At the shelter, they compel us to attend chapel every night. A different group presents each night, following a monthly rotation. Elder Conrad and his group come the second Sunday of each month. In nigh on four years, he’s never said a single thing I felt merited attention.
“[T]he uprising in Ferguson was an inevitable reaction to the institutional racism coursing through the area for decades.” — Jack Kirkland
I’m homeless. At this writing, I’ve been homeless for exactly 3½ years.
When you meet a homeless man for the first time, you won’t notice his skin color. Not first. You’ll notice the condition he’s in. You’ll notice his clothes, his grooming, his conduct. Skin color is so far down the list, it might as well be left off completely.
Some disagree. They seem to think race is the only factor in poverty.
Blogging experts tell us to give our posts dramatic titles. I might not tell the story at all, but on the one hand there is an expectation that (though I seldom do) a homeless blogger will tell about the difficulties homeless people face. On the other hand, it provides occasion for me to set forth William Tell’s current approach to injustice.
The appointed Gospel text for Sunday was Matthew’s Parable of the Wedding Banquet, Matthew 22:1-14.
I was struck by verses 11-14 —
11“But when the king came in to see the guests, he noticed a man there who was not wearing a wedding robe, 12and he said to him, ‘Friend, how did you get in here without a wedding robe?’ And he was speechless. 13Then the king said to the attendants, ‘Bind him hand and foot, and throw him into the outer darkness, where there will be weeping and gnashing of teeth.’ 14For many are called, but few are chosen.”
The shelter boots us out at 5:45 a.m. daily. You must take all your belongings with you and cannot come back until 2:30.
Until February 2013, my custom on non-work days was to go to Dunkin’ Donuts to pray, drink coffee and use the bathroom, until the library would open at 10:00 and I could go online. Then the temp agency closed down, and I could no longer afford Dunkin’ Donuts coffee, and so began going to McDonald’s instead.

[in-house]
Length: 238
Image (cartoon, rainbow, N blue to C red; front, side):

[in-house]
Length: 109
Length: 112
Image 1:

Some days I would arrive at Dunkin’ Donuts before opening. One such morning, I arrived to find a large, neat pile of human feces on the doorstep. It was clearly no accident. Who had left it there, and why, had no bearing on the fact that it was there now.
When staff arrived we opened the door and stepped inside very carefully to avoid any contact between the door and the stool, or our feet and the stool. However, I knew that if nothing were done about it, eventually, inevitably, customers who could not take the time to be as observant and careful would step in it and begin tracking it through the store. Continue reading The poop on the stoop→
I was a senior in high school, running an errand in the family car. I must have been listening to WKSU. This 5- or 15-minute segment came on. A female spokesperson for the ACLU said that, under the compulsory school attendance law, a minor can only be in one of two places: a school, or a penal facility. In her view there was no real difference.
I was an honors student and deeply convicted that education is the answer to poverty. Thus her remarks left me incensed. More than that, whereas I’ve never been a conservative, it seemed to me that the ACLU and other, like-minded movements were bent on destroying all order in society. The family unit was under attack. Marriage was under attack. The schools were under attack. Change for its own sake, which seemed to be what these people were after, isn’t good. Nothing can be built on a foundation of chaos. A child needs to root oneself in earth that will be in the same place today as tomorrow. A tree can’t grow in quicksand.